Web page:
Chicago's next art stars
These three artists are among the most promising recent M.F.A. grads at HPAC's new show.
WHAT Check out M.F.A. grads’ works in “Ground Floor”
WHEN Aug 29–Oct 31
WHERE Hyde Park Art Center (5020 S Cornell Ave, 773-324-5520, hydeparkart.org)
Local M.F.A. shows are a great way to discover up-and-coming Chicago artists, but it’s impossible to see them all, says Hyde Park Art Center exhibitions director Allison Peters Quinn. So, why not put on one big show with some of the best grads from schools all over the city? “Ground Floor” highlights work by 20 recent graduates of the School of the Art Institute of Chicago, the University of Illinois at Chicago and at Urbana-Champaign, Columbia College, Northwestern and the University of Chicago. Quinn hopes the show will become biennial—and that it will persuade people to stop asking her who the next Chicago Imagists will be. Here are three of my predictions:
Maria Gaspar, 30
M.F.A. UIC 2009
Kudos Gaspar had a UBS 12 x 12 show at the Museum of Contemporary Art in October 2009.
Plans Gaspar will teach sculpture at SAIC this fall. In September, her work will appear in group shows at Woman Made Gallery, Columbia College’s Center for Book & Paper Arts and Illinois State University.
Most unusual material she’s used Papel picado (pictured), a traditional Mexican hand-cut paper—today, more often a mass-produced plastic—used to make party banners
“Ground Floor” piece A monumental installation inspired by papel picado. “It’s based on the detritus of a cultural celebration. I’m interested in the notion of ‘authenticity’ [and] the issues with that term,” Gaspar says.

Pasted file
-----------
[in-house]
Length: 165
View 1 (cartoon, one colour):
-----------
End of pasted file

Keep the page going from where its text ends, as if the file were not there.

Emily Hermant, 30
M.F.A. SAIC 2010
Kudos Hermant’s Lies, Lies, Lies—an installation featuring dozens of embroidered fibs—appeared in “Pricked: Extreme Embroidery” at New York’s Museum of Arts and Design. It’s also been shown in Canada, Italy and Turkey.
Plans Hermant’s looking forward to a September solo show at Montreal’s Articule Gallery and a fall residency at the Vermont Studio Center.
“Ground Floor” piece An untitled, mostly wooden sculpture that Hermant relates to her SAIC thesis project (pictured, above). “It’s this play on material that’s supposed to be very hard and structural, rendered as something soft and pliable,” she says.
How Chicago influences her “It’s hard for me to imagine making this work that’s so architectural and so inspired by architecture without being in this city.”
Michael Sirianni, 27
Hometown Utica, New York
M.F.A. UIC 2010
Kudos Sirianni just won a prestigious Joan Mitchell Foundation M.F.A. Grant. In 2009, his video art was shown at Vancouver’s Antimatter Film Festival and the Onion City Film Festival in Chicago.
Plans Sirianni hopes to travel to Scandinavia, where he’d make work responding to the region’s unusual cycle of light and darkness. He’s also developing a video and performance project inspired by smoke signals (pictured, right).
Influences Félix González-Torres, Wolfgang Tillmans and UIC prof Doug Ischar. “I look at my work as continuing a lineage of queer identity art,” Sirianni says.
“Ground Floor” piece Almost Over the Rainbow (pictured, above), which reflects his disillusionment with the gay community. Inspired by “the adolescent act of putting stickers on a mirror,” according to the artist, it suggests an unachievable “utopian state of being queer.”